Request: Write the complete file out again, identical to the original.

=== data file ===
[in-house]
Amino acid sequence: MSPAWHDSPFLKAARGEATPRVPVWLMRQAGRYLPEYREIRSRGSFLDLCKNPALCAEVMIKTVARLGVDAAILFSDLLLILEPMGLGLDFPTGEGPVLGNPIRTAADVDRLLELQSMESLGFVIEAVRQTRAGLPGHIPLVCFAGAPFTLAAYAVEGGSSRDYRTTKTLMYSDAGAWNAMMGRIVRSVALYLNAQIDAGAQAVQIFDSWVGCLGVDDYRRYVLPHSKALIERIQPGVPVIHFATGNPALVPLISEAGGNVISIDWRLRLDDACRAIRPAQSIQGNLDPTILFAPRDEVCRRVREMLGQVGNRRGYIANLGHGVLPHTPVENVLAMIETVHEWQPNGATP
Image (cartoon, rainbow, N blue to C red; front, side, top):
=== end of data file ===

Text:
[in-house]
Amino acid sequence: MSPAWHDSPFLKAARGEATPRVPVWLMRQAGRYLPEYREIRSRGSFLDLCKNPALCAEVMIKTVARLGVDAAILFSDLLLILEPMGLGLDFPTGEGPVLGNPIRTAADVDRLLELQSMESLGFVIEAVRQTRAGLPGHIPLVCFAGAPFTLAAYAVEGGSSRDYRTTKTLMYSDAGAWNAMMGRIVRSVALYLNAQIDAGAQAVQIFDSWVGCLGVDDYRRYVLPHSKALIERIQPGVPVIHFATGNPALVPLISEAGGNVISIDWRLRLDDACRAIRPAQSIQGNLDPTILFAPRDEVCRRVREMLGQVGNRRGYIANLGHGVLPHTPVENVLAMIETVHEWQPNGATP
Image (cartoon, rainbow, N blue to C red; front, side, top):